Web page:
“So the issue for us is: Do we eagerly long for the coming of Christ? Or do we want Him to wait while our love affair with the world runs its course?” —John Piper

For all of my pastor friends who have kids, this post from Pastor Dave Barringer is an important read.

Dr. Tim Elmore uses John Wooden as a great example to ask the question: Are You A Coach Or A Teacher?

Have you heard that there are fewer Christians in America? Check out John Stonestreet’s analysis of the latest reports.

[VIDEO] John Maxwell talks about the consistency and perseverance of the professional—

12 Quotes From “Poke The Box”

10-1080R1 PoketheBoxMechSeth Godin really shakes up the status quo in his book Poke The Box. I loved it! You can read my full book review by clicking here. Below are some quotes I especially liked.

“The job isn’t to catch up to the status quo; the job is to invent the status quo.”

“Imagine that the world had no middlemen, no publishers, no bosses, no HR folks, no one telling you what you couldn’t do. If you lived in that world, what would you do? Go. Do that.”

“Creative people or those with something to say believe that they have to wait to be chosen. … ‘Pick me, pick me’ acknowledges the power of the system and passes responsibility to someone else to initiate. Even better, ‘pick me, pick me’ moves the blame from you to them. If you don’t get picked, it’s their fault, not yours. If you do get picked, well, they said you were good, right? Not your fault anymore. Reject the tyranny of picked. Pick yourself.”

“The fact that it doesn’t work every time should give you confidence, because it means you’re doing something that frightens others.”

“Poking successfully also requires tact. You are trying to change things, not have people recoil in anger or fear from your poking.”

“Excellence isn’t about working extra hard to do what you’re told. It’s about taking the initiative to do work you decide is worth doing. … It’s a personal, urgent, this-is-my-call/this-is-my-calling way to do your job.”

“Not-allowed lists exist in school, in relationships, and in jobs. The park near my house doesn’t allow dogs, non-residents, or birthday parties. It’s interesting that the allowed list is harder to remember and to write down. I think we might be afraid of how much freedom we actually have, and how much we’re expected to do with that freedom. It’s comforting to live with a list of what’s not allowed. We remember it, we push against it, but ultimately we enjoy the confinement that the limits bring us. When revolutions appear, when the list gets much shorter, it’s surprising how long it takes for us to take action.”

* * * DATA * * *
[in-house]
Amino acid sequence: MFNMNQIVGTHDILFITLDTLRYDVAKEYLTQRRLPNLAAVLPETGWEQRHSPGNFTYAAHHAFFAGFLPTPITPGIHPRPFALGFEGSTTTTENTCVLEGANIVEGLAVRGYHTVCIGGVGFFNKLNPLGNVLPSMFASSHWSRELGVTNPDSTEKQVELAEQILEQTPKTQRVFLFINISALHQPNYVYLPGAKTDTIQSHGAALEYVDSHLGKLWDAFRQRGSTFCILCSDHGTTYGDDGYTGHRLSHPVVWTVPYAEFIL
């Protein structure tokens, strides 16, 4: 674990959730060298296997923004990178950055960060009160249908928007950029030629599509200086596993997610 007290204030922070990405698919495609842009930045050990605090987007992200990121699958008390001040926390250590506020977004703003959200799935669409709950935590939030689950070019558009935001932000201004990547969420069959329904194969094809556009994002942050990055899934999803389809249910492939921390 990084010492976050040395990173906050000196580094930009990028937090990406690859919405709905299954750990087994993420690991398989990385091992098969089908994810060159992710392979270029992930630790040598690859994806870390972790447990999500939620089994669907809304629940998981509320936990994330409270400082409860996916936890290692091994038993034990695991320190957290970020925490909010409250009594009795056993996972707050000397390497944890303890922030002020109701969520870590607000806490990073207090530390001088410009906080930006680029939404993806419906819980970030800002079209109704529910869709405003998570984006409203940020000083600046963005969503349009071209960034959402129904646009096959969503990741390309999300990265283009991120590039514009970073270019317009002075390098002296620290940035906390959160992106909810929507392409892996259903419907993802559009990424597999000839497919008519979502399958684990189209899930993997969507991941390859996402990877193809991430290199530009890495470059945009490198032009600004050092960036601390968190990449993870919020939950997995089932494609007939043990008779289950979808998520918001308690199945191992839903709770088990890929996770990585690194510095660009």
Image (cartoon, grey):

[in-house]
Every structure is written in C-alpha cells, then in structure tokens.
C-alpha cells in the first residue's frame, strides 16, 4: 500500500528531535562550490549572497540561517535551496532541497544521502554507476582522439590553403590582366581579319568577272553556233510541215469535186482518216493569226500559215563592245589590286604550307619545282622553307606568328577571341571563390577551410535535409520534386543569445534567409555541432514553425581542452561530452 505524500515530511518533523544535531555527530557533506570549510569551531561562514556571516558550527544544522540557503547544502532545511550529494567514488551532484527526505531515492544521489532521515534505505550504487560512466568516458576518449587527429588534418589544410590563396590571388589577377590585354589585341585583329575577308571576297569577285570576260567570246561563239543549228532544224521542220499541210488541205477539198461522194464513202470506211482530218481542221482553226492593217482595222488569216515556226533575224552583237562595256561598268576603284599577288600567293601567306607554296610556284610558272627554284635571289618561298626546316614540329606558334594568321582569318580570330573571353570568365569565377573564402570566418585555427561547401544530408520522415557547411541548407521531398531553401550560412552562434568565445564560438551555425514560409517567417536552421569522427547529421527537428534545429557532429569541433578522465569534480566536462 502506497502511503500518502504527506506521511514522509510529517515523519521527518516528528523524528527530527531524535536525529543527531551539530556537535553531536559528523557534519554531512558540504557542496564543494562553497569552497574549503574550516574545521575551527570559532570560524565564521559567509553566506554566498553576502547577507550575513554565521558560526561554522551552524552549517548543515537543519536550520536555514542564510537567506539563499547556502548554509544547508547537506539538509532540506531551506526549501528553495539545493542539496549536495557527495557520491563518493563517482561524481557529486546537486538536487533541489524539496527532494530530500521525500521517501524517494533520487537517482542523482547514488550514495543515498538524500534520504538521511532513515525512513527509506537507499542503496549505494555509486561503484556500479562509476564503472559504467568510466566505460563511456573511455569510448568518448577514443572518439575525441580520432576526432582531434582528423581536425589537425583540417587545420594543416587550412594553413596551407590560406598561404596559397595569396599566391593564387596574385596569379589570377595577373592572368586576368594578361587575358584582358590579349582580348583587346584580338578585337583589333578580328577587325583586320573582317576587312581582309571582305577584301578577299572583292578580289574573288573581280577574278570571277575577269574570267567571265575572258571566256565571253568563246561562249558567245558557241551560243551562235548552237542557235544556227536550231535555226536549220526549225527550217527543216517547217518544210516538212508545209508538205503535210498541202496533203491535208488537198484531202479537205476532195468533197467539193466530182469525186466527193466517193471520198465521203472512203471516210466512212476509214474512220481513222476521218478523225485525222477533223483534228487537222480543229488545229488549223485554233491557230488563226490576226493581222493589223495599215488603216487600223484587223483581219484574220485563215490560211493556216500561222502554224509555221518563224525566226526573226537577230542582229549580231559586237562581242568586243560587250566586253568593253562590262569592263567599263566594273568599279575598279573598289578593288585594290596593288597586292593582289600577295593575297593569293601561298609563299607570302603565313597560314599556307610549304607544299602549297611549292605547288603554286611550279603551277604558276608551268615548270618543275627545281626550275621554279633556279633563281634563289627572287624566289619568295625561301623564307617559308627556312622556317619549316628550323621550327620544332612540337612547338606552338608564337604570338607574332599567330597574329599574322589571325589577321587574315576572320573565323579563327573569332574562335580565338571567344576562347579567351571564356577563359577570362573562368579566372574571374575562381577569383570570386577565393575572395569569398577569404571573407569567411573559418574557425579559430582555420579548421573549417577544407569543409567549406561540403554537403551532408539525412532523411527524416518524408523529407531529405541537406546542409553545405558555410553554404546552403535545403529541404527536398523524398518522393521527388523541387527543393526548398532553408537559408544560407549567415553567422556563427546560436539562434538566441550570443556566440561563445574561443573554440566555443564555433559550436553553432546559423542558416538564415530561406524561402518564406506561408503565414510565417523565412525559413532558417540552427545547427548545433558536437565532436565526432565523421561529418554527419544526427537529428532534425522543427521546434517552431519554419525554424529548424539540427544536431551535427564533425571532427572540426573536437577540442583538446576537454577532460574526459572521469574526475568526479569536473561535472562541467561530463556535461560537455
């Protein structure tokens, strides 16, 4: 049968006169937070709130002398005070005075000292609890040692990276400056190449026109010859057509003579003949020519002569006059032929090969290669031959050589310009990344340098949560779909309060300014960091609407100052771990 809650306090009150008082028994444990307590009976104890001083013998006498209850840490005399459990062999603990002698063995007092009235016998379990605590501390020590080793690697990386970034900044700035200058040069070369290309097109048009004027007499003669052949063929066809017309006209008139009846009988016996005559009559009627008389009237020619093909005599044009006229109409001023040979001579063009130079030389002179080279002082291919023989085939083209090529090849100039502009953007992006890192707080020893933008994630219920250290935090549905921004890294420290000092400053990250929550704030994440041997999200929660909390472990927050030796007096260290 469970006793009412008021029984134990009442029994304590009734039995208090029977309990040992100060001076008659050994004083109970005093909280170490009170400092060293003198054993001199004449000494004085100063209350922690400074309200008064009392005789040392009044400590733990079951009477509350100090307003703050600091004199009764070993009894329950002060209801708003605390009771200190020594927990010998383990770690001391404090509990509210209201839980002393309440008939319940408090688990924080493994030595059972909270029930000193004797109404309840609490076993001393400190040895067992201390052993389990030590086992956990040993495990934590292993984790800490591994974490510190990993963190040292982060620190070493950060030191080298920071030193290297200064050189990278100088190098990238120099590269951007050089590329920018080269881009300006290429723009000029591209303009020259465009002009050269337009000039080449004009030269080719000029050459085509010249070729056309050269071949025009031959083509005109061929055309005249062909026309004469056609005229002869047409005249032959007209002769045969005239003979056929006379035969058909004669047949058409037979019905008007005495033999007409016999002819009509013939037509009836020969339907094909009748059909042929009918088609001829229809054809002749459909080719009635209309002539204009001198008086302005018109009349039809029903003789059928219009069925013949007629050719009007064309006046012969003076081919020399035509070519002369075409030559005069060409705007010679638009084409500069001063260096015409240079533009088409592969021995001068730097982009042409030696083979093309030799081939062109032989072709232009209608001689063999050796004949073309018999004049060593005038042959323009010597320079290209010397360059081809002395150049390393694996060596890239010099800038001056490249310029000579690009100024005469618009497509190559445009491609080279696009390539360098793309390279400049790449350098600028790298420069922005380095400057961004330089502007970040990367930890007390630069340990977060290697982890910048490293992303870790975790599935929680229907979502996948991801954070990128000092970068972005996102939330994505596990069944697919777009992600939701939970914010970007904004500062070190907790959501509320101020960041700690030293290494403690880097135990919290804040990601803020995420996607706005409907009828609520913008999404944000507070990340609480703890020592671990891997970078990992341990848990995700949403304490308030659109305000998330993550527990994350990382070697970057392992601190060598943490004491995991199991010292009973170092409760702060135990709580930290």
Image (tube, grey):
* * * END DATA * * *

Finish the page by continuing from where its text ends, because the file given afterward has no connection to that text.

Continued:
“‘This might not work.’ Is it okay to say these four words? Is your work so serious and flawless and urgent that each thing you do, every day, must work? Change is powerful, but change always comes with failure as its partner. ‘This might not work’ isn’t merely something to be tolerated; it something you should seek out. … Try is the opposite of hiding.”

“Starting means you’re going to finish. … To merely start without finishing is just boasting, or stalling, or a waste of time. … If you don’t finish, it doesn’t really count as starting, and if you don’t start, you’re not poking.”

“Starting something is not an event; it’s a series of events. … Keep starting until you finish. … Today, not starting is far, far worse than being wrong. If you start, you’ve got a shot at evolving and adjusting to turn your wrong into a right. But if you don’t start, you never get a chance.”

“I believe that if you’ve got the platform and the ability to make a difference, then this goes beyond ‘should’ and reaches the level of ‘must.’ You must make a difference or you squander the opportunity. Wasting the opportunity both degrades your own ability to contribute and, more urgently, takes something away from the rest of us. … To do less is to steal from them.”

“Failure is an event, though, and with rare exceptions, is not fatal. The process of starting, regularly, and of seeking out opportunities to do it more often, is never a failure. The process is now essential for those who seek to succeed.”